Picture from Waterford Post Article, December 6, 1923.6
Oscar Graf, born and raised in Milwaukee, trained as a machinery mechanic moved to Waterford in 1917 when he heard of opportunities for his skill and a chance to own his own business. His business was started in the old Moe Store building, today, known as Mike Webb’s Flooring . It lasted only a few years when he was kicked out by his landlord, Mr. Hamm, who wanted to start his own machinery repair business.9
Forced to find new quarters, he temporarily relocated his business with another repair business and bought the vacant corner lot from Mr. Charles Apple. In 1921, Graf started building a 48 by 72 foot, three story structure made of flame-proof steel and concrete blocks with a brick face.
Considered the basement, the lower level was used primarily for vehicle storage and utilities. Repair work and storage was on the first floor. Highlighted on this level was Waterford’s first Ladies Rest Room. It was the first dedicated facility where women and their daughters could wait while the men did their business in town. It had several large windows overlooking the Fox River and Ten Club Park. Graf’s business expanded over the years into Mill Site No. 2.11
The Graf family continued to own this property at least through 1985 based on available tax records. At some point, the building was torn down and a small village park – River Bend Park, was established.
The complete history of Graf’s Garage can be seen HERE.12
Topp and Bryant Grocers
Topp and Bryant Ad – Waterford Post.
Looking closely at the above picture of the Graf building shows another building which stands to the right. In 1896, George Foxwell had a mercantile business which he operated until 1906 when the building was sold to A.J. Topp. The complete history of the Topp business can be see HERE.13
Referring to the picture at the top of the page, Topp would operate his general mercantile business at this location until July, 1921, at which time he formed a partnership with junior member Raymond Bryant and moved across the street to the building now known as Marty’s Diamond.
John Steinke c. 1890, Wisconsin Digital Collection, wpl00167l.
In the late 1920’s, the building transferred ownership to plumber John Steinke, and has remained in the family at least through 1985 based on available tax records.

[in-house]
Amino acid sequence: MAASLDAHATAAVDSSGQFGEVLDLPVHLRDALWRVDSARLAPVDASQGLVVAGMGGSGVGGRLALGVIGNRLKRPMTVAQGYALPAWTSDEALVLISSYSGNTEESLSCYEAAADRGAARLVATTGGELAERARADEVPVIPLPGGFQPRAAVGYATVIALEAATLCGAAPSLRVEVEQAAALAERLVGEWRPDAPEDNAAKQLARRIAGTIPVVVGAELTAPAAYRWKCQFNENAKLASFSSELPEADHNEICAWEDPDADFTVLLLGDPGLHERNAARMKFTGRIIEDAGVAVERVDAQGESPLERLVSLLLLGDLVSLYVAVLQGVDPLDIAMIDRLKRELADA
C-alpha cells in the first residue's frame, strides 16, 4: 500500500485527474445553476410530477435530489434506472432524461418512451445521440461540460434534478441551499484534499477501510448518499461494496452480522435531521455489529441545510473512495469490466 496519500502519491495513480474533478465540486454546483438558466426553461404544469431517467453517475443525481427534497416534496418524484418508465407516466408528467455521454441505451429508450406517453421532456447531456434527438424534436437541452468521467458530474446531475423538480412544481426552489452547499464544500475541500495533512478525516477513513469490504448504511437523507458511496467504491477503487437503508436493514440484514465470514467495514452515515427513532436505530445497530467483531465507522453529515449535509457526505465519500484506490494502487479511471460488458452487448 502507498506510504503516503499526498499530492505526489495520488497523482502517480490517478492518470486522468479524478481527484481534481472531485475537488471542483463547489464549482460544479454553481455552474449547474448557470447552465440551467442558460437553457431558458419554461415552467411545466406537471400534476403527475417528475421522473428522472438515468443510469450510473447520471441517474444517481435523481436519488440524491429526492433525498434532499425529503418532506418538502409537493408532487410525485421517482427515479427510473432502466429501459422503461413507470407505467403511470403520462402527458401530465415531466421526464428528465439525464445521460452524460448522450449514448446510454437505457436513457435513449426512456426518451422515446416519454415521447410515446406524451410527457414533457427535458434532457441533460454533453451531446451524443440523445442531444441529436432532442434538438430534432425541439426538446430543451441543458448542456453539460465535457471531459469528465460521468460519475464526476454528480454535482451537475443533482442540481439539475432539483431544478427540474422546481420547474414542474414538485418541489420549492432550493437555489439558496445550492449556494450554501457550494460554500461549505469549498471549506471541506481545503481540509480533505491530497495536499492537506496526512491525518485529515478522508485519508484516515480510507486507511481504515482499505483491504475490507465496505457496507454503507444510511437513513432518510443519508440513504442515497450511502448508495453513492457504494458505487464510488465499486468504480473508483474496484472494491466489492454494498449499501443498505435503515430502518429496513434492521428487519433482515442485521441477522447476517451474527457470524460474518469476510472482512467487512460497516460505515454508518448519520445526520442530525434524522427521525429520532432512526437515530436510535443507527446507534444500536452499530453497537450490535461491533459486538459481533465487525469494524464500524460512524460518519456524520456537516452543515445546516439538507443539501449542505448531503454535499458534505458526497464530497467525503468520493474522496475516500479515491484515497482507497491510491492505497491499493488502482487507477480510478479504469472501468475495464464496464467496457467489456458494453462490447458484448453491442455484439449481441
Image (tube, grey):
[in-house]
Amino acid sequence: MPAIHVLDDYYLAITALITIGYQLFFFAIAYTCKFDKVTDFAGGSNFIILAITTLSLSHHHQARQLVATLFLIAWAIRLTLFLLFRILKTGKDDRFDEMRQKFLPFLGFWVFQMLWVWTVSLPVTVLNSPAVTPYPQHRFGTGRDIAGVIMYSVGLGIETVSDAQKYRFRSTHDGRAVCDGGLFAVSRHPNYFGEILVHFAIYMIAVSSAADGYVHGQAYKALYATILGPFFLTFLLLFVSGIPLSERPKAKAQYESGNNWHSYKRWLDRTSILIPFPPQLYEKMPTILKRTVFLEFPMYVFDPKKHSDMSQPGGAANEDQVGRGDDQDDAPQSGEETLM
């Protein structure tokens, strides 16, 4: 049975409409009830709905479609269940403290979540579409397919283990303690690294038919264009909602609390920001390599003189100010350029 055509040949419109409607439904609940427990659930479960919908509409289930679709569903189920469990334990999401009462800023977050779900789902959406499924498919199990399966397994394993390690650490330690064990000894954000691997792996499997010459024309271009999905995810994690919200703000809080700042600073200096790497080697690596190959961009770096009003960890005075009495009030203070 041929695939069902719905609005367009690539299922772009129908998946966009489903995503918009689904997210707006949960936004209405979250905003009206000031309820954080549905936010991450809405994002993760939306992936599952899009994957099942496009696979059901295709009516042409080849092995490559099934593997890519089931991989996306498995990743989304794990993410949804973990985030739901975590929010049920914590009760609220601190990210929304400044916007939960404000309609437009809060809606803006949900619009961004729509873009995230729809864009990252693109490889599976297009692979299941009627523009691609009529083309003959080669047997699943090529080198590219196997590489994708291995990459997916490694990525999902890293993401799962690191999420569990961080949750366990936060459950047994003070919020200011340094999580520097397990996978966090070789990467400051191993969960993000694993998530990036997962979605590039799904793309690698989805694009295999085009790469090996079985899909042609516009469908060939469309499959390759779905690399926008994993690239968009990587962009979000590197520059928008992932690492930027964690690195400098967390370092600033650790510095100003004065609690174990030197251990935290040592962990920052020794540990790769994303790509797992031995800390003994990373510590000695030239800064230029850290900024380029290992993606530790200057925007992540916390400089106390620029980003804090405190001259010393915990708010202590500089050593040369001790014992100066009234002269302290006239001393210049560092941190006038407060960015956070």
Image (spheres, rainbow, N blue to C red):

Since 1986, 107 West Main Street, houses Waterford Family Dental S.C. while the south end of the building houses a local contractor’s business.
Lead Researcher: Robert E. Gariepy, Sr.
NOTE: Should the reader have further documentation to enhance the content of this web page, please contact the Lead Researcher through director@ExploreWaterford.com. We are particularly interested in pictures or historic artifacts that may be shared. Credit will be given.
- Waterford: Stories of our Business Places, Waterford Post, December 6, 1923 edition.
- L.W. Carr Remembers Waterford Post, January 8, 1925 edition.
- Letter to Editor – Waterford, Racine Argus, January 8, 1874 edition.
- Waterford:Stories of our Business Places, Waterford Post, December 6, 1923 edition.
- Waterford: Stories of our Business Places, Waterford Post, July 26, 1923 edition.
- Waterford. One of the Live Business Towns of Western Racine County, Waterford Post, February 21, 1878 edition.
- Waterford. One of the Live Business Towns of Western Racine County, Waterford Post, March 28, 1878.
- Waterford: Stories of our Business Places, Waterford Post, December 6, 1923 edition.
- Waterford: Stories of Waterford and Its Busy Life, Waterford Post, 1923 –http://digicoll.library.wisc.edu/cgi-bin/WI/WI-idx?type=article&did=WI.WPLStories.i0037&id=WI.WPLStories&isize=M
- Waterford: Stories of Waterford and Its Busy Life, Waterford Post, 1923 – http://digicoll.library.wisc.edu/cgi-bin/WI/WI-idx?type=article&did=WI.WPLStories.i0018&id=WI.WPLStories&isize=M